At the end of his two and and half hour set at The Intersection, Steve Vai stepped to the microphone to thank everyone for coming and stated it was his first time in Grand Rapids was with Frank Zappa’s band in 1980. Zappa’s influence on Steve Vai is very evident in a lot of Vai’s performance Thursday night, not just the sheer virtuosity of his playing but the humor and showmanship he brings to the delivery of his songs.
Exemplified in his performance of â€œThe Audience Is Listeningâ€ with it’s scolding school teacher voice over, and his introduction to â€œBuilding The Churchâ€ where he asked for a photographer’s camera, mocked like he was going to take an audience shot and took a photo of his crotch instead.
Many dismiss players like Vai as being technical masters with no emotion, but Vai showed that he bears his emotion in his music with every note. The guitar becomes an instrument in the purest sense. Whatever he feels he can translate through his guitar. Whether that be sharp bends and double handed tapping or the quiet melodic lines of Sisters. But everything was done with great theatricality and style.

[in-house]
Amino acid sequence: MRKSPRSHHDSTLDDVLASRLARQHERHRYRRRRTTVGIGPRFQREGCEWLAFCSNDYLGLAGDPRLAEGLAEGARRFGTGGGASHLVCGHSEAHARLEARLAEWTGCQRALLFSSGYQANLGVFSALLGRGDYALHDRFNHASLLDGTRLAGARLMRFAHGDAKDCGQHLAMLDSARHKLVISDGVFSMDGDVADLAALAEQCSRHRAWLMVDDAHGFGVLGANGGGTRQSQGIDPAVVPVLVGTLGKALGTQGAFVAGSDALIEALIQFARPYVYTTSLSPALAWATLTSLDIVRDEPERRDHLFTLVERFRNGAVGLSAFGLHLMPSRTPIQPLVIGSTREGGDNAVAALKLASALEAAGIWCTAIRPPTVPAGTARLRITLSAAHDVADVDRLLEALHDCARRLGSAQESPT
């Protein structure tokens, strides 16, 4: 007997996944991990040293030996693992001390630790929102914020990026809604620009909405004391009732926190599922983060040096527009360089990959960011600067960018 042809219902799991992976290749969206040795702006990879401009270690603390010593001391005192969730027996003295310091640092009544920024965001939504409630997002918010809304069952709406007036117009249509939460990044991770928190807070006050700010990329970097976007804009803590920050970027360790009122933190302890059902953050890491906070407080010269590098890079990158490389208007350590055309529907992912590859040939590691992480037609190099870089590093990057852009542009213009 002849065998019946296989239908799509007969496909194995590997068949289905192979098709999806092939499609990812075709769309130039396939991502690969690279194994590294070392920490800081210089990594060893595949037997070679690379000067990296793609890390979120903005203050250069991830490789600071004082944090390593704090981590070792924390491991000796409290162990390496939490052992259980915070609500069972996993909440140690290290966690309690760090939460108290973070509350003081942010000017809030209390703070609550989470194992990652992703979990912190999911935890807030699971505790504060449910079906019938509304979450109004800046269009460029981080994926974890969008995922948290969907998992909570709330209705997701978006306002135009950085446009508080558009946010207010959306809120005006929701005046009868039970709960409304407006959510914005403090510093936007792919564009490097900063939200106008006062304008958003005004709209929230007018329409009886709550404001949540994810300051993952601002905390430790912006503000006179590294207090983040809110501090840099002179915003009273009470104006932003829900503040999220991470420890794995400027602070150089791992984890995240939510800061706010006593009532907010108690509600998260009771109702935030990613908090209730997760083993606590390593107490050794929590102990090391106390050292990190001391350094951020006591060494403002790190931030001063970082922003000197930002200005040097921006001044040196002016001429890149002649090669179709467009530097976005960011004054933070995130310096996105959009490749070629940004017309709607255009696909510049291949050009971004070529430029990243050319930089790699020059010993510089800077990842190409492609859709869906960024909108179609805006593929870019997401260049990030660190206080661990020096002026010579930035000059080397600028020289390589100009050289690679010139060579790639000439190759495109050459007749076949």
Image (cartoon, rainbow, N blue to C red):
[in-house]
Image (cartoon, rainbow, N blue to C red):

After the drum solo, Vai reappeared on the stage in a suit covered with lines of lights and lasers for the song â€œThe Ultra Zoneâ€. Toward the end of the set he even invited a couple of the audience members up to the stage and had them assist in creating a new song that the band proceeded to put together and play right there on stage.
It’s easy to see why so many guitar players hold Steve Vai in such high esteem, but judging from the audience on Thursday his appeal is much broader than teenage boys noodling in their bedrooms. His performance at The Intersection, more than just a guitar clinic, was a rock show at it’s best. Powerful and wildly entertaining.
Racing The World
Building The Church
Whispering A Prayer
The Audience Is Listening
The Moon And I
Salamanders In The Sun
Fire Garden Suite: Pusa Road
The Ultra Zone
Build Me A Song
For The Love Of God